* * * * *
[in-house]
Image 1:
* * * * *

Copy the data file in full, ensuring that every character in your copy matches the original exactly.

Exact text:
[in-house]
Image 1: